This Is What the Building Will Look Like
It's made of popsicle sticks and old lava lamps, and held together with pure smugness.
So a character, often a Corrupt Corporate Executive
, has a big construction project planned. The problem is that the odds are this project will not come to fruition, or even if it does, we are just likely to see ground broken on it at the end. So the writers have this character show a model of it so the audience can know what it would look like.
Or perhaps the building is already made, but it's not going to be shown, so the model is just so we can see what it looks like without showing the real one.
Often paired with a Dramatic Curtain Toss
If we see the actual building in anything before the last minute of the show, it doesn't count.
of Only a Model
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- The Mansions of the Gods begins with Caesar showing off a model of the Roman development that is to be built around the little Gaulish village. Not quite a straight example in that construction progresses further than usual for this trope, up until the Gauls wreck it.
- In one gag of Gaston Lagaffe, Prunelle shows Demesmaeker a model of the new offices of Spirou, which Gaston then causes to collapse with a model of his Gaffophone that he got from a reader.
- Monty Python's Flying Circus. During "The Architect Sketch", a man comes in with a model of a tall apartment building, and as he talks the model tips over, then some of the floors collapse, then it catches fire... See what happens next. (relevant part starts at 3:20, to pick up from end of this description go to 3:55)
- In the Inspector Morse episode "Twilight of the Gods", Corrupt Corporate Executive Andrew Baydon plans to endow a new college, and the model of it is on display.
- From Newsradio, Jimmy James' Jimmy James Towers, a colossal pair of J's.
- All architects in How I Met Your Mother build models. Occasionally models of dinosaurs that breathe fire.
- And, on one occasion, a model which evidently looked like a giant... towering... tower.
- A Saturday Night Live James Bond parody sketch didn't even get that far - archvillain Christopher Walken has Bond captive in his lair that's still under construction and way behind schedule, and he has to resort to showing Bond conceptual renderings of the various deathtraps he would be subjected to.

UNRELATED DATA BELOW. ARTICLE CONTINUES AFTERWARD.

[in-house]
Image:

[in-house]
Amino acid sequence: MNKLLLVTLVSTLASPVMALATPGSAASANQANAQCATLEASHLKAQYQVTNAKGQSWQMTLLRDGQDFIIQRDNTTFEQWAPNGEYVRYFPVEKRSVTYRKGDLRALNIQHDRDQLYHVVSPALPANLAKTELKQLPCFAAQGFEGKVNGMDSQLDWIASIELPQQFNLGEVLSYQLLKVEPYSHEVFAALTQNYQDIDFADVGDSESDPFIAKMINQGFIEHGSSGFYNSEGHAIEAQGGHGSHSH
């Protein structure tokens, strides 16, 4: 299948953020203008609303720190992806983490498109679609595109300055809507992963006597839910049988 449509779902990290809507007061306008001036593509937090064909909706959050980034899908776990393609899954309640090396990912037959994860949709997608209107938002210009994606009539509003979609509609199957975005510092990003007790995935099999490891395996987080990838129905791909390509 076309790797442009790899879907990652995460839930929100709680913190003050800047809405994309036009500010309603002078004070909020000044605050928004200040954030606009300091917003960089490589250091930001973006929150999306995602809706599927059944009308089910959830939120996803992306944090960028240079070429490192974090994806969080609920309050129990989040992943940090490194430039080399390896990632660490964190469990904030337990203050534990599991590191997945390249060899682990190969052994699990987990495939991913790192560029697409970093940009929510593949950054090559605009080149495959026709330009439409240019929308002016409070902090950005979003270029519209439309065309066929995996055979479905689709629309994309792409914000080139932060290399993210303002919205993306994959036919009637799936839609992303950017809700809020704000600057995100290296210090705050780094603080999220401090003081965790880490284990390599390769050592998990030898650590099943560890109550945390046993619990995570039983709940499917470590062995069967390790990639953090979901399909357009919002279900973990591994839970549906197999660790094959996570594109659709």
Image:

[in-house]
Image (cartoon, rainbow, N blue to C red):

- In a Weekend Update sketch, Jimmy Fallon interviewed the head architect building the then-future Greek Olympiad for the recent games. The guy was so proud that the model was finished but when Jimmy ask how much of the actual building was done, he broke it down to a very(, very) small portion.
- One of these shows up in the second series of Waterloo Road when Roger Aspinall intends to rebuild the school as the Roger Aspinall Academy. His disaffected son later trashes it with a fire extinguisher.
- There's a model of how Shinra wants to remodel Midgar in their building in Final Fantasy VII; you have to restore its missing pieces to move on.
- Chief Iron's office in the beta version of Resident Evil 2 has a scale model of what appears to be a planned expansion of Raccoon City, but because the game was never completed, it's unclear what the real purpose of the model is.
- The model of Kuzcotopia in The Emperor's New Groove.
- An episode of Rugrats had Angelica trying to sneak away from her mom's boring business meeting so she could play with the scale model of the theme park he company was planning. Yes, she utterly wrecks the set.
- Lamp Shaded in the unaired pilot episode of Clerks: The Animated Series when the Big Bad, Leonardo Leonardo [sic], shows off his city of the future to much fanfare only to reveal an empty table. He then says with some embarrassment that the model is on order and should be arriving some time next week.
- In the episode "Toyoshiko! Bark Friend Machine" of Pound Puppies (2010), underling Milton Feltwaddle gives what he tells dog catcher Leonard McLeish is a future facility for the North American division of the company he works for. Since McLeish has perpetual ambitions of moving up from dog catcher, Feltwaddle's plan works too well, and that ends up being his downfall. (McLeish's rise, no matter what, was never to be.)
- In The Simpsons episode "Who Shot Mr. Burns? Part 1", Burns uses a model Springfield to show Smithers his plan to block out the Sun in order to make everyone more reliant on the power plant. After Smithers quits due to Burns' descent into "cartoonish super-villainy", Monty begins stomping on the model for fun:
Take that, Bowlerama! (stomp)
Take that, Convenience Mart! (stomp) Take that
, Nuclear Power Plan- (stomp) Oh, fiddlesticks.
- Going out of fashion with the increasing popularity of software like Photoshop and Blender, but these used to be a common sight at public meetings about proposed construction projects. Fictional examples of this trope tend to gloss over the fact that the model is rarely if ever completely identical to the final product as built; these things are built so that the project's backers, the local zoning board and -in theory- local residents can judge the aesthetic merits of the design and suggest alterations or improvements.
- Adolf Hitler had one of these◊, for the whole of Berlin upon becoming Welthaupstadt Germania ("World Capital Germania"). It also shows up on Downfall.
- Incidentally, some of its most prominent features could never have been built—they would've sunk into Berlin's soft soil.
- The unbuilt Liverpool Catholic Cathedral◊, by the great Sir Edwin Lutyens.